If your dog is a rescue it may be registered with the rescue organisation or it may be the previous owners details still on there. Get them changed as soon as possible.
Whichever food you had decided to feed your new dog have a small amount ready in your cupboard for when you bring the new dog home. It’s up to you what you feed them, be it dry, wet or raw, but make sure it’s a decision you’ve made before the dog comes home. Speak to wherever you are getting your dog from to see what they were feeding them and then consider continuing that diet or changing it. If you’re changing the food, then you will want to do this slowly over a period of time.
Don’t buy a big 15kg bag of new dog food at first in case the dog has a reaction to it.
Your dog needs to eat and drink so get a water bowl and food bowl ready for when they come home. Fill the water bowl up and place it in the chosen spot where it is going to stay, therefore the dog can get used to it being there as soon as they take their first steps into your house.
Every dog needs its own bed and like the food bowls it’s a good idea to get this ready and in place before the dog arrives. If the dog is coming with an item such as a blanket or vet bed, then place this near to or in the new bed so that it smells slightly familiar to the dog.
Crates are really handy for giving your dog a little den of their own, keeping them confined to their own space while unsupervised and travelling safely in a vehicle, so if you are planning on crate training your dog then get it ready before the dog comes home. Putting up a crate is quite loud and can be scary for a new puppy, so you don’t want to frighten them with it on their stressful first day at home and then try to get them to go in it!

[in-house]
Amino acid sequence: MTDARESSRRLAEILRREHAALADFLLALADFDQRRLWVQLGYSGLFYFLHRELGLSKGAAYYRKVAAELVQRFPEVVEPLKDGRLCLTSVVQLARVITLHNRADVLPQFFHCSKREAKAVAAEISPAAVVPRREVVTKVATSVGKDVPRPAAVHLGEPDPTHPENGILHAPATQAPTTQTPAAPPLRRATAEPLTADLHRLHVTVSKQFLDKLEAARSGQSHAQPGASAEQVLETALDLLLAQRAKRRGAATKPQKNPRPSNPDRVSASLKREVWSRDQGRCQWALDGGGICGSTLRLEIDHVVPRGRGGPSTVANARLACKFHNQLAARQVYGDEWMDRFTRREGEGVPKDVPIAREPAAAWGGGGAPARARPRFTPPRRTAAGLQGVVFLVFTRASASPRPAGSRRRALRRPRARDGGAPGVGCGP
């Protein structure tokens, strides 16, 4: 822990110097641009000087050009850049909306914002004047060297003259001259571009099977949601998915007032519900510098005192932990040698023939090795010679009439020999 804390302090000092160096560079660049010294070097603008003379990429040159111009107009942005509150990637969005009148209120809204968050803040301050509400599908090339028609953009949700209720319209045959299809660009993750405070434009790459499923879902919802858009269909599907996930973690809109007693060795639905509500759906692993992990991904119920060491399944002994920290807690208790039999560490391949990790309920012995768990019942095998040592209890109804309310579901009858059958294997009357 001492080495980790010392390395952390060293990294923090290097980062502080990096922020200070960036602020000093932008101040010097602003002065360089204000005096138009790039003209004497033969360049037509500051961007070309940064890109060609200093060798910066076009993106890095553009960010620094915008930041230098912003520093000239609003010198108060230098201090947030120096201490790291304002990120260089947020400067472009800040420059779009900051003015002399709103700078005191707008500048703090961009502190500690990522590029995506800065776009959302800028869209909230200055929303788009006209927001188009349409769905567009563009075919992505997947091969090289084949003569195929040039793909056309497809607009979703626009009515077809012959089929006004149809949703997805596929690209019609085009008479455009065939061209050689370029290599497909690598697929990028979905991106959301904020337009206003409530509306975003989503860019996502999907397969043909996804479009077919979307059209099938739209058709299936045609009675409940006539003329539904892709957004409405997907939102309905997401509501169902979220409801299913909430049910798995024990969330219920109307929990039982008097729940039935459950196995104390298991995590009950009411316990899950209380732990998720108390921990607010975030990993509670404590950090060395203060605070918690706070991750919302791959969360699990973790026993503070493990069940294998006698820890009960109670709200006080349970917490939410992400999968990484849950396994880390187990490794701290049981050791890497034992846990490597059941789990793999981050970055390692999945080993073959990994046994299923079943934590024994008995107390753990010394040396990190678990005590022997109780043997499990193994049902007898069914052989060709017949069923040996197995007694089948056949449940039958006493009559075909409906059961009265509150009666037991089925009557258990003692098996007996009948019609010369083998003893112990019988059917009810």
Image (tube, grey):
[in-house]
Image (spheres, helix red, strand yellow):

Having a small selection of toys ready for your new dog will give you a chance to play with them straight away as they settle in. The first few days of getting a new dog should be all about building a relationship and having fun together, partly through play. Have a selection of soft, fleecy tug toys, puppy teething chew toys and retrieve toys. Be conscience of your dog’s size and age when looking at the toy size and materials.
Instead of buying a selection of training treats that your dog may not like, or may upset their stomach, cook some plain chicken and break up into tiny pieces. Your dog will find it really tasty and it’s more likely to agree with their stomach. Don’t do too much training with your dog on their first few days though, give them time to explore and have lots of cuddles and fun.
Be prepared for damp and muddy paws to come paddling into your house! It’s best to get your dog their own towel and have this ready by the door, instead of desperately trying to keep your carpet clean while you scrounge around looking for an old towel to use.
You gotta scoop the poop! Right from day one… so get a supply of poo bags. Depending on the size of your dog the cheap 99p packs of nappy bags do just fine.
Like I said there are lots more to buy… harness, clicker, treats, long lead, brush, coat, shampoo, bones, etc. But this is a selection of what I feel are essential to have ready before the dog even gets home.